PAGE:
Philip the Good, 1396–1467, duke of Burgundy (1419–67); son of Duke John the Fearless. After his father was murdered (1419) at a meeting with the dauphin (later King Charles VII of France), Philip formed an alliance with King Henry V of England. Under the Treaty of Troyes (1420; see Troyes, Treaty of) Philip recognized Henry V as heir to the French throne; the dauphin was disinherited. Philip aided the efforts of Henry and his successor to establish English rule in France. Finally, in return for important concessions, Philip ended the English alliance and made peace with Charles VII in the Treaty of Arras (1435; see Arras, Treaty of). Despite the truce, Philip's relations with Charles were not always amicable. He temporarily supported (1440) the rebellious nobles in the Praguerie and gave asylum to the dauphin (later King Louis XI), who was constantly in revolt against his father. During Philip's reign the territory of his duchy was more than doubled. Through inheritance, treaty, conquest, and purchase he acquired Hainaut, Holland, Zeeland, Friesland, Brabant, Limburg, Namur, Luxembourg, Liège, Cambrai, and numerous other cities and feudal dependencies. Uprisings in Bruges (1436) and in Ghent (1450–53) were suppressed. In 1463, Philip was forced to return some of his holdings to Louis XI. His vow (1454) to go on crusade was never fulfilled. Philip's court was the most splendid in the Western Europe of his time. He was succeeded by his ambitious son, Charles the Bold, who took control of the government from Philip in 1465.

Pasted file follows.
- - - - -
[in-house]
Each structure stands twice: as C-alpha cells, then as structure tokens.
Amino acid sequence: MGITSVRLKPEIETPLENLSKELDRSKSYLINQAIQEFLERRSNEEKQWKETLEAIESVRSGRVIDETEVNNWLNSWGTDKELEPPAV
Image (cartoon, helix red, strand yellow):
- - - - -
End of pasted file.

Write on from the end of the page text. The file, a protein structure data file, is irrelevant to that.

See biography by R. Vaughan (1970); J. L. A. Calmette, The Golden Age of Burgundy (1949, tr. 1962).
The Columbia Electronic Encyclopedia, 6th ed. Copyright © 2012, Columbia University Press. All rights reserved.